“Others use satellite to watch television news in their language in their country of origin and get information that way. But it is not our news, it is not Australian health advice.”

Communication gaps

Dr Sylvia Pfeiffer knows first-hand how important it is to get medical information in your own language.  

“When I migrated from Germany, my English was actually alright. But I still felt compelled, particularly as the mother of a small child, to find a doctor who spoke German, so that I could actually talk about the issues that I was facing,” she says. 

Dr Pfeiffer, who is based in Surry Hills, Sydney, co-founded Telehealth platform Coviu which has delivered more than six million online consultations during the pandemic. 

Dr Sylvia Pfeiffer co-founded Telehealth platform Coviu.Dr Sylvia Pfeiffer co-founded Telehealth platform Coviu.

Source: SBS News / Sandra Fulloon

She developed the platform while working at the government’s science organisation CSIRO and says it now delivers 20,000 daily consultations and offers interpreter services in up to 300 languages. 

More than 70,000 clinicians are available via Coviu Australia-wide, and most practitioners take a subscription starting from $20 per month, a system similar to a mobile phone plan, she says.

Despite welcoming the government’s indefinite extension of Telehealth, she says the surge in COVID-19 cases during the most recent Omicron wave presented serious challenges for people with limited English.

“It highlighted the need for competent interpreters to pass on accurate medical information,” she says.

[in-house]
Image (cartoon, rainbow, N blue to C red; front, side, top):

Dr Sylvia Pfeiffer grew up in Germany.Dr Sylvia Pfeiffer grew up in Germany.

Source: Supplied Dr Sylvia Pfeiffer

The NSW Health website says where communication is essential, health practitioners must engage professional health care interpreters for patients, families and carers who are not fluent in English. 

But Ms Hakim says some migrants are afraid to utilise available services.

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“It takes time for us to gain their trust and explain to them how the technology works.

“Many have lost trust in their own government because of what happened to them overseas. So it also takes them time to trust the government in this new country.”

Safaa Hakim at her Melbourne home.Safaa Hakim at her Melbourne home.

Source: SBS News / Scott Cardwell

Telehealth has helped millions of Australians access medical care online, particularly those living in remote and rural communities.

“Patients are reimbursed for video Telehealth or phone Telehealth consultations, and many clinicians also bulk bill,” Dr Pfeiffer says.

And, she adds, the pandemic has driven sweeping changes in the “delivery of healthcare, because so many people have looked to digital tools including video consultations”.

Dr Pfeiffer demonstrates the interpreter service at her Sydney office.Dr Pfeiffer demonstrates the interpreter service at her Sydney office.

Source: SBS News / Sandra Fulloon

A trial of Coviu and its interpreter service is currently underway in the emergency department of a major Melbourne hospital, supporting people from non-English speaking backgrounds as they are triaged.

“They can call in an interpreter through our application which helps the medical teams to assess a patient, and that’s just unheard of, it is something completely new,” Dr Pfeiffer says.

SBS: Find a mental health service in Australia in your language

For Ms Hakim and many others seeing clients each day, education is key.

“Many of those speaking a language other than English need more explanation about these online and interpreter services.

“Many still don’t trust the system, they don’t trust the process. They still don’t have enough information about how it works.”

International Mother Language Day is marked on 21 February. 

SBS is committed to informing Australia’s multilingual communities about the latest coronavirus developments. The SBS Coronavirus Portal provides information and updates in 60 languages.

Would you like to share your story with SBS News? Email yourstory@sbs.com.au